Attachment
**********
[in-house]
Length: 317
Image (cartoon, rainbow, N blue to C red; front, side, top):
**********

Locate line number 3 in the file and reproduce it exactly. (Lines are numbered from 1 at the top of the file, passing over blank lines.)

Image (cartoon, rainbow, N blue to C red; front, side, top):